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Taylor Wimpey expects full-year profits to halve amid housing gloom

by Uma
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Taylor Wimpey expects full-year profits to halve amid housing gloom

By Suban Abdulla and Aby Jose Koilparambil

LONDON (Reuters) -Taylor Wimpey’s pledge to build more homes than previously forecast boosted the British housebuilder’s shares on Wednesday even though it expects annual operating profits to halve in its current year amid wider housing market stress.

Britain’s housing market has recorded a drop in house prices and softer buyer demand after the Bank of England sought to tame stubborn inflation by hiking interest rates.

But unlike its bigger rival Barratt Developments, Taylor Wimpey, Britain’s third largest housebuilder by market value, said it would not reduce the number of houses it plans to build this year, despite higher costs and wary buyers weighing on profitability.

The group said it planned to build 10,000 to 10,500 homes in the current financial year, compared with the 9,000-10,500 units forecast in March and 14,154 built in 2022.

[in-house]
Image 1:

The news sent its shares up as much as 4.3% to 119.40 pence in early trading, making the stock the top gainer on the housing sector index, after they fell by 7% in the last 3 months.

“This update from Taylor Wimpey constitutes a clear case of ‘it could have been worse’, as a weakening property market and high operational costs having combined to put huge pressure on the construction sector during H1 2023,” Andy Murphy, Director at investment research and consultancy Edison Group, said.

Taylor Wimpey expects operating profit, including joint ventures, to be in the range of 440 million pounds ($562.10 million) to 470 million pounds, in line with market expectations of 444 million pounds.

The low end of that range would mark a 52% drop from 2022, after lower completions and higher costs knocked its first-half profit margin down to 14.4% from 20.4% in the same period last year.

Taylor Wimpey’s order book – a key measure that gauges future sales performance – stood at 2.14 billion pounds as of July. 2, down from 2.80 billion pounds a year earlier.

Its cancellation rate stood at 24% during the four weeks to July 30, up from 19% year ago.

($1 = 0.7828 pounds)

(Reporting by Suban Abdulla in London and Aby Jose Koilparambil in Bengaluru; Editing by Subhranshu Sahu, Kate Holton and Jane Merriman)